The 5th Australian Postvention Conference

On behalf of Professor Diego de Leo and the Board members of Postvention Australia, an invitation is extended to you to participate at the 5th Australian Postvention Conference. The 5th Australian Postvention Conference will be held at the University of New South Wales from Thursday 23rd March - Saturday 25th March 2017. Conference registration and information can be found on the conference website. You cannot afford to miss this conference - it will be stimulating and educational.

This year's theme is 'Hope and Healing - Surviving the Impact of Suicide'. The conference provides comfort, hope and healing for those bereaved by suicide, as well as providing education, information and opportunities for collaboration for those supporting the bereaved by suicide. This is to facilitate resilience and equip the bereaved with skills to survive the impact of their loved ones suicide.

We are honoured to have as our guest plenary and workshop presenters, recognised as experts in the field of suicide prevention and bereavement support. They include:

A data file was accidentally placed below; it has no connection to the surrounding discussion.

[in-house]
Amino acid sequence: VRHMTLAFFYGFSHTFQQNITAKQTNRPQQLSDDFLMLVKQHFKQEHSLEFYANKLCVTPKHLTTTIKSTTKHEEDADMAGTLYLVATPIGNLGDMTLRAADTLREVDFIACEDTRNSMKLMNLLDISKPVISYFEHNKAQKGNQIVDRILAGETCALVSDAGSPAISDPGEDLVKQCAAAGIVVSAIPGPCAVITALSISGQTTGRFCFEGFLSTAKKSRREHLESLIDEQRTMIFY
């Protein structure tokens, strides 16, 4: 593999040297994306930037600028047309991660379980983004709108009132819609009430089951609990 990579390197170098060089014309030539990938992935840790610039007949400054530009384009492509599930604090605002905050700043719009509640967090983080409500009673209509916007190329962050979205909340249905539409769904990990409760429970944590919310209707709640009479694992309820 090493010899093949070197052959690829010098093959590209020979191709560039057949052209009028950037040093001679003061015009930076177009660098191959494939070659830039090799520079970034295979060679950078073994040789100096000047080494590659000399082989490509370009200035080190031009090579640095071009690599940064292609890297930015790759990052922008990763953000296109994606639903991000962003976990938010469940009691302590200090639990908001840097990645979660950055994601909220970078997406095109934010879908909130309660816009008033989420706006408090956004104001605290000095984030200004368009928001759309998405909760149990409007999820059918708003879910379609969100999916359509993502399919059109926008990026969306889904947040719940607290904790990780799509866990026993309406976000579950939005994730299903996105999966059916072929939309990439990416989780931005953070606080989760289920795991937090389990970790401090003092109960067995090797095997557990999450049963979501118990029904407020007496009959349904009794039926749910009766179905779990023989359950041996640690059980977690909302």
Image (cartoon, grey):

• John McIntosh (Psychology, University of South Bend) (U.S.A)

• Dr Amy Chow (Assoc. Prof, Social Work and Administration, University of Hong Kong, Chairperson, International Workgroup on Death, Dying and Bereavement) (Hong Kong)

• Dr Paul Quinnett (Founder and CEO, QPR Institute) (U.S.A)

• Kim Ruocco (External Relations Officers for Suicide Prevention and Postvention, Tragedy Assistance Program for Survivors (TAPS)) (Military focus) (U.S.A)

• Prof. Diego De Leo (Director Emeritus of the World Health Organization (WHO) Collaborating Centre for Research and Training in Suicide Prevention, Past President of the International Association for Suicide Prevention)

• Prof. Judith Murray (Counselling and Counselling Psychology, University of Queensland)

• Chief Inspector Gary Raymond (Retd) (Emergency Services focus)